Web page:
This is a great step forward for us, it demonstrates our commitment to continually improving the product. It’s not just the interface but the rebuild ensures we also constantly update and improve the architecture, security and performance of the application.

If you would like to learn more about Skore why not request a demo.

2017 Review – Management Changes and Growth at Skore

Once again I am glad to say that we are at the end of the year and looking back with a very positive view. 2017 has seen more changes, activity and growth at Skore.

Here is an overview of the key highlights for 2017 at Skore.

Our Partners and Community

We started shifting our focus to partners in 2017 which has been challenging and exciting. It became clear in 2016 that we needed a larger team to support our growing customer base. This meant growing our team internally or working more closely with partners to provide these resources.

As we decided to focus internally on the product, and supporting tools, we were relying on our fantastic network of partners to provide additional services to our clients. This has worked well and we are looking to extend this further into 2018.

To support our network we setup our Skrum events running the first in July. These have proved very popular with both partners and customers and we will be increasing the frequency and availability of locations in 2018.

The Company

Early 2017 brought a lot of changes for us internally as we made some structural changes to the company in order to support our growth. The previous make up of the company makes it hard to do an exact comparison for year on year revenue although all calculations show revenue has more than doubled in 2017.

In February we expanded the management team with the appointment of Chris Green as our Director of Partnerships. Chris brought a wealth of experience in delivering value added solutions to customers. His position supports our approach to developing deeper and more collaborative relationships with our partner network.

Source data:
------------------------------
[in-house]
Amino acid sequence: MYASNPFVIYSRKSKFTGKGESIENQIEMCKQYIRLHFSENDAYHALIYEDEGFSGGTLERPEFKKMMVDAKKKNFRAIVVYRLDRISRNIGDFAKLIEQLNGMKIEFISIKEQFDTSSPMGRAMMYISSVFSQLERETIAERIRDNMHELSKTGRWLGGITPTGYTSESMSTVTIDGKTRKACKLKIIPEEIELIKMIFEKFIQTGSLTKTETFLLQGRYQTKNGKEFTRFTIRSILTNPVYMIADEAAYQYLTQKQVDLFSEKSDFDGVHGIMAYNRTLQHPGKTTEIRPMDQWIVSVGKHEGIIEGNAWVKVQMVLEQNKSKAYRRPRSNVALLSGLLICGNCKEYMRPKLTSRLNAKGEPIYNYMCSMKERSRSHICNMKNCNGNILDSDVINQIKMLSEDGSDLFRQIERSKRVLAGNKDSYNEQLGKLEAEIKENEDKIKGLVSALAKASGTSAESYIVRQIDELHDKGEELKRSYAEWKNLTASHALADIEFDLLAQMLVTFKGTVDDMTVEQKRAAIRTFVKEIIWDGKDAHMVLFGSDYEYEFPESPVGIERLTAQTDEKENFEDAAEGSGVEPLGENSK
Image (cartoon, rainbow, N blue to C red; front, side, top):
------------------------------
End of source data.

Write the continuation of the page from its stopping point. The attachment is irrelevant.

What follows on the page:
During the year we also increased our development resources adding another full time software developer to the team. This is a front-end role for the software and supported the development of our new release due in January 2018.

Finally, at the end of 2017, we welcomed Antony Bream as an advisor to the management team. Antony has experience in managing technology companies through growth providing strategic guidance, marketing insights and an extensive industry network.

The Product

Following the launch of Skore web app at the end of 2016, early 2017 saw the addition of a number of improvements to the product. These included features such as commenting, approvals change history.

The rapid growth in users meant we had to review and improve the infrastructure early in the year. In August 2017 we implemented a completely new architecture for the product that will allow much more secure and scalable growth into the future.

The final major project of 2017 was a complete redesign of the software. Sneak previews have been available through a series of webinars. The first customer trial workspaces were available in December 2017 and a formal launch is due in early 2018.

So once again 2017 has been another exciting year us and we look forward to welcoming 2018 along with our partners and customers. Wishing you all the best for 2018!

The team at Skore.

Skore leadership team grows – Chris Green

We’re excited to announce a new addition to the management team at Skore with the appointment of Chris Green as Head of Partnerships.

Our partner relations have been key to our success over the past 12 months and this appointment further strengthens our commitment to support both existing and new partners.

Chris brings a wealth of experience in process improvement, transformation and automation. He has delivered solutions to some of the world’s largest organizations and has worked extensively with partners in his previous roles.